I think when this dog stands up he'd be as tall as a man. Not to mention, his craps are as big as a full grown man's. Not a dog you'd want to come across when he's angry.

Unfortunately, some idiots with too much money are purchasing Tibetan mastiffs as status symbols. I've seen a halfbreed in a fancy pants villa in the suburbs of Beijing recently. This fat cat's daughter paid almost $600,000 recently for a purebred. To add to the fun, Ms. Idiot managed to piss off the common folks in Shaanxi by sending a parade of Mercedes to the airport to pick up the new pet. I predict that with all the idiots getting over their heads with these dogs, we're going to see some Diane Whipple -type dog maulings in the near future in China.

Oct 26, 2009

1th of October!

Check out this picture I took of a LED bulletin board at Emei Shan:

I love the auto-formatting of the English language date at the bottom "1th of October". Cute. Probably a Perl script written by a third grader.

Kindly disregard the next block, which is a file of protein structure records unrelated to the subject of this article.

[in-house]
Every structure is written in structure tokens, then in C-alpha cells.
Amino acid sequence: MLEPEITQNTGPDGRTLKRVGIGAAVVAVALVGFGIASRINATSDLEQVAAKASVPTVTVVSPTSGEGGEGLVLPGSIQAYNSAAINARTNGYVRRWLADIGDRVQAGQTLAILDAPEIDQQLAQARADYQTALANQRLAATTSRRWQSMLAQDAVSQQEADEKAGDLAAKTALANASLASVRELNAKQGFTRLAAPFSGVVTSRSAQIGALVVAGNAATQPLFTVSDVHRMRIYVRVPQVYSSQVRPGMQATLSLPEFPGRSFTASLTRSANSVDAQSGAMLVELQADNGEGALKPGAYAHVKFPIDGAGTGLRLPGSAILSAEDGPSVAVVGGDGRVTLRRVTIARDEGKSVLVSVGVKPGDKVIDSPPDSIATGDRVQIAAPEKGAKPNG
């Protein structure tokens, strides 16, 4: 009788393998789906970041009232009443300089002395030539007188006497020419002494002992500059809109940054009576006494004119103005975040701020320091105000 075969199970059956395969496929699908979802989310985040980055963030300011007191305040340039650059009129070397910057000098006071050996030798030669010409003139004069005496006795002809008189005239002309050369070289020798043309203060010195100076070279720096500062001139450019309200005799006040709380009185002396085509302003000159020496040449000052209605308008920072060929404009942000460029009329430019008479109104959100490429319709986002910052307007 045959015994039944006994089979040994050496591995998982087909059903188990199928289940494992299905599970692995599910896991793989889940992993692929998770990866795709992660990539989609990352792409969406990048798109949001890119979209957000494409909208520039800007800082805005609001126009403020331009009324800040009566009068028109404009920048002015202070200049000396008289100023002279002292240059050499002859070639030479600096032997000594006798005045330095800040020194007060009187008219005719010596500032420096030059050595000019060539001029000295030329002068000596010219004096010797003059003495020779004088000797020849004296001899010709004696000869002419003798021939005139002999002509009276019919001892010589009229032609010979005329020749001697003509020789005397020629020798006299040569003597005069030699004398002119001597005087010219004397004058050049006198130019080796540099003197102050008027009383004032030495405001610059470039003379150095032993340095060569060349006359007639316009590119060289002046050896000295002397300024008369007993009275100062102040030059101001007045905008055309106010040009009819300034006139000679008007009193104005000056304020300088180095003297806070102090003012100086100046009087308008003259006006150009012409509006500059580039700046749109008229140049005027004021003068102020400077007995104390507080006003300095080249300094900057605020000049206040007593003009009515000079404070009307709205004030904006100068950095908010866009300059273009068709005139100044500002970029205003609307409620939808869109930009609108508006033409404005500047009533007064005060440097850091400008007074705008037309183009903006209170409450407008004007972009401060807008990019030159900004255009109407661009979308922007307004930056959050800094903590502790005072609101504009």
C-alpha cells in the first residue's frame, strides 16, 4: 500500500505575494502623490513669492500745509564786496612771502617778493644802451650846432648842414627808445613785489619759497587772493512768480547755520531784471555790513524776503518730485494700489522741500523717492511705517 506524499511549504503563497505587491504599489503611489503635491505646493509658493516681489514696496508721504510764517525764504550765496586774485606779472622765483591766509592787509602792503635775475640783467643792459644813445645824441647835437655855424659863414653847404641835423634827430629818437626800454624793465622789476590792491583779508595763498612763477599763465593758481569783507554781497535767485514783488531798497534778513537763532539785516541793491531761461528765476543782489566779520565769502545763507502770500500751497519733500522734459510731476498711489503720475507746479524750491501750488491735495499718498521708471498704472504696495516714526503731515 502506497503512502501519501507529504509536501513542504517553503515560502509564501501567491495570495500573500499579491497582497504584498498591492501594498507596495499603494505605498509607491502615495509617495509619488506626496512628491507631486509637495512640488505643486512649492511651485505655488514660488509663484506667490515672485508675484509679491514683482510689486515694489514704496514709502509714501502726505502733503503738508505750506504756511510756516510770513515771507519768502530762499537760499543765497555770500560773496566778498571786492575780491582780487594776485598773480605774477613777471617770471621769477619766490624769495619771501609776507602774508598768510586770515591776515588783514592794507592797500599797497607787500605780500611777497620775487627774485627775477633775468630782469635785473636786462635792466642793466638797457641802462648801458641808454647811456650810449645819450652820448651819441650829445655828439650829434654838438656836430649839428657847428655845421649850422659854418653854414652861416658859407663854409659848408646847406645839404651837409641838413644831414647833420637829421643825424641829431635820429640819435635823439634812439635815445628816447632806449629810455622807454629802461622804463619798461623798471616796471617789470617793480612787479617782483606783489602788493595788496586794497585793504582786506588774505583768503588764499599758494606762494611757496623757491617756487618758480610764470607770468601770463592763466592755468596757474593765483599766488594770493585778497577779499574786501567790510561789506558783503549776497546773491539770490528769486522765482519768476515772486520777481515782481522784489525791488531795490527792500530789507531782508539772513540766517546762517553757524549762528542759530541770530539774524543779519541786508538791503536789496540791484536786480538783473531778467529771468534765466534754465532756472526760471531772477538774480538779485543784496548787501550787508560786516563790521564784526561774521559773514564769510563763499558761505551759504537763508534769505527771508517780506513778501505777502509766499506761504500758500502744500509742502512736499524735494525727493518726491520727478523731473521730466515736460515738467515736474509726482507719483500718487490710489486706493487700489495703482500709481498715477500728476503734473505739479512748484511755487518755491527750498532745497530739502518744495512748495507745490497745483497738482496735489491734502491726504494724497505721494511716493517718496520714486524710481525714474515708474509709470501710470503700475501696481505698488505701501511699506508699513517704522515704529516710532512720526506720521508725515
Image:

For the Chinese language part, the characters read:
Celebrate national day!
Celebrate the mid-autumn festival!

Long live the motherland!
Do we really need so many exclamation marks? I get a headache from reading it. I feel like I have a socialist cheerleader shouting in my face.

Imagine if our LED bulletin boards in the US had messages like that. Could you imagine the cultural equivalent? We'd end up with something like this:

It's so bizarre that it makes me laugh.

Oct 24, 2009

Meats and animal parts

During my recent Kham trip, I saw more yaks, both live and slaughtered, than I've ever seen. For this post, I've picked out my best photos of local meats, most of it yak-related. Enjoy this photo set on your laptop while eating a medium-rare hamburger.

In Zhongdian, Yunnan: a halal yak meat store with all sorts of yak parts. In the photo you can make out a rib cage, a head, black hair, and a bunch of organs.

In Songpan, Sichuan: the hide of a freshly slaughtered yak, laying on the street behind a pickup truck whose bed contains several yak heads.

Here are the yak heads inside the bed of the pick up truck.